We invite you to learn about the process of screenwriting and explore the intersection of identity and pursuing dreams from Jorge Ramirez-Martinez and Raymond Perez, screenwriters for the Selena: The Series, released on Netflix. They will discuss their careers and writing process, including how their identities as Mexican American and gay men have shaped their professional experiences.Virtual Event
Please join us in remembering those who have entered the next part of life by designing a nicho box in their memory. This workshop will provide the necessary items to create your nicho box, though please remember to bring a photo or small object that can fit in a 3.5 x5x1 inch box (small jewelry box).John Peace Library GroupSpot B, Main Campus
Come celebrate the end of Hispanic Heritage Month with La Comunidad at The University of Texas at San Antonio. We will have food, games and dancing!H-E-B Student Union Ballroom 1 & 2, Main Campus
LMSA invites you to join us in celebrating National Hispanic Heritage Month through an interactive cooking lesson! This cultural experience will teach you how to prepare a popular Mexican dish, street taquitos. You will be able to sample this dish and learn the recipe to use in your own home.Recreation Wellness Center Demo Kitchen
Future Roadrunners will see what Roadrunner life is all about at UTSA Day. All of Main Campus transforms into our UTSA Day open house for Future Roadrunners and their families to explore the university experience.Main Campus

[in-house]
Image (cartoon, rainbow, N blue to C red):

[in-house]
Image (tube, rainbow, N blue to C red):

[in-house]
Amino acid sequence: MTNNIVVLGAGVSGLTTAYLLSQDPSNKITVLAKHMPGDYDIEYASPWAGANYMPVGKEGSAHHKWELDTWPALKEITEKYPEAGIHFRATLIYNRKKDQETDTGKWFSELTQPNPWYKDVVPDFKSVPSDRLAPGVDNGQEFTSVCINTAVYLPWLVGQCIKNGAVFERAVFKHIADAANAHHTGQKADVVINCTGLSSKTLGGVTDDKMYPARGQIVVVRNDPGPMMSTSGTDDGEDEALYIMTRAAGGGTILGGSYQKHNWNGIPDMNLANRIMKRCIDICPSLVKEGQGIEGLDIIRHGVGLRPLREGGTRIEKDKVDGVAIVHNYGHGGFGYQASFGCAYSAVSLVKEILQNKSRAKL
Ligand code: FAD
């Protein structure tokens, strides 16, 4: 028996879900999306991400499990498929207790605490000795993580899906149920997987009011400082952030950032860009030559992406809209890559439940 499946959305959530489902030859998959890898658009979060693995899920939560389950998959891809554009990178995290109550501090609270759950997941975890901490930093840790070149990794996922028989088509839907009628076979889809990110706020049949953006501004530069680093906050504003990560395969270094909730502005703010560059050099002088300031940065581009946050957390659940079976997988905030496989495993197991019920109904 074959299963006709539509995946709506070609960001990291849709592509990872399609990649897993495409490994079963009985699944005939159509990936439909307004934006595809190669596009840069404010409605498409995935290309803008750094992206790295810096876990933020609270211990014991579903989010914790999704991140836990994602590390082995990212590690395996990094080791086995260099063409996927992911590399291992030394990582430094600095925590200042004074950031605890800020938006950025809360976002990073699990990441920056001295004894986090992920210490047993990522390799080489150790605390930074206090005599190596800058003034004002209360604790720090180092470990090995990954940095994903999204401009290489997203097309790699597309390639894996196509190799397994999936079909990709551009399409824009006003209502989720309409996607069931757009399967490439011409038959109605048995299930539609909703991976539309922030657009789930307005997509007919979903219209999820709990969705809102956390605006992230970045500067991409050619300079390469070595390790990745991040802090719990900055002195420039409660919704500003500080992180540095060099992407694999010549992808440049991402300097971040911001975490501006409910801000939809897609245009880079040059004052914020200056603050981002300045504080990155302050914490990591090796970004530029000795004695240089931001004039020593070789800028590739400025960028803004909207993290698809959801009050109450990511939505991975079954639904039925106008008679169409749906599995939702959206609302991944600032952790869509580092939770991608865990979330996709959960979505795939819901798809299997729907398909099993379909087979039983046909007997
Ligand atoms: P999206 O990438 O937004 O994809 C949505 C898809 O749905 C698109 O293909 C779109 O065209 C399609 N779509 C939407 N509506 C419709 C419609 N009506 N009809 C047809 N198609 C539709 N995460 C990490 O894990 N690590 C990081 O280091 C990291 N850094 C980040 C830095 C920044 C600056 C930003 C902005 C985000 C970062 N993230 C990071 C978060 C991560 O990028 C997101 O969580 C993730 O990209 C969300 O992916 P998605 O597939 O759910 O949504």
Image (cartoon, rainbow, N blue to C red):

Learn about the LGBTQIA+ community and being an Ally and advocate for LGBTQIA+ people, communities, and the issues that impact the LGBTQIA+ community.Multicultural Student Center for Equity and Justice Lounge, Main Campus
The University of Texas at San Antonio is dedicated to the advancement of knowledge through research and discovery, teaching and learning, community engagement and public service. As an institution of access and excellence, UTSA embraces multicultural traditions and serves as a center for intellectual and creative resources as well as a catalyst for socioeconomic development and the commercialization of intellectual property - for Texas, the nation and the world.
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UTSA is a proud Hispanic Serving Institution (HSI) as designated by the U.S. Department of Education.
The University of Texas at San Antonio, a Hispanic Serving Institution situated in a global city that has been a crossroads of peoples and cultures for centuries, values diversity and inclusion in all aspects of university life. As an institution expressly founded to advance the education of Mexican Americans and other underserved communities, our university is committed to ending generations of discrimination and inequity. UTSA, a premier public research university, fosters academic excellence through a community of dialogue, discovery and innovation that embraces the uniqueness of each voice.